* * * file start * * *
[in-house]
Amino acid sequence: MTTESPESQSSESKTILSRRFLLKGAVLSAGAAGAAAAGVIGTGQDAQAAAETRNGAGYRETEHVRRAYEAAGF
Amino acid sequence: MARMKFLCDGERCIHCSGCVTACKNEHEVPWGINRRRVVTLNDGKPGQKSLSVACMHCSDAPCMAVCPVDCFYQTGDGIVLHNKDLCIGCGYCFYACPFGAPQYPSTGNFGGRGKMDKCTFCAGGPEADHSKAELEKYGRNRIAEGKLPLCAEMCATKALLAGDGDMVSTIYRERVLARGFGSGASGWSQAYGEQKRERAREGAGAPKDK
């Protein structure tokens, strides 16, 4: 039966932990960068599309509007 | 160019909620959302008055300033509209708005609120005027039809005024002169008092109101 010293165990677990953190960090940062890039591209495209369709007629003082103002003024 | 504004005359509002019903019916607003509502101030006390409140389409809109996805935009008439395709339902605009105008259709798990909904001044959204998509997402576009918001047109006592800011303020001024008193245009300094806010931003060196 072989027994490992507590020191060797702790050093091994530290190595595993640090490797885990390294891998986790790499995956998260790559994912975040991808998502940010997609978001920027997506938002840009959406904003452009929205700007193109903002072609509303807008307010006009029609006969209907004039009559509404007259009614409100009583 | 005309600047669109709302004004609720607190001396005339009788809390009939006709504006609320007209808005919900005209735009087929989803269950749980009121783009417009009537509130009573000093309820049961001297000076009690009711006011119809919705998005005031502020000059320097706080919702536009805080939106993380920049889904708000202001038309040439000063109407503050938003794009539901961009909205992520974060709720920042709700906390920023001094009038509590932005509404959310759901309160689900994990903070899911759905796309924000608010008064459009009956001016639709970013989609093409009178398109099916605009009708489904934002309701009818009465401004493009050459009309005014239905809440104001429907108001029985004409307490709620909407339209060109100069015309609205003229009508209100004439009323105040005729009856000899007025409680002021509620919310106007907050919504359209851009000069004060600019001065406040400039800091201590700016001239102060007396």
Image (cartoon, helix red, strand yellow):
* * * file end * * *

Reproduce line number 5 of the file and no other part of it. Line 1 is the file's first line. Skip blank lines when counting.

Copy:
Image (cartoon, helix red, strand yellow):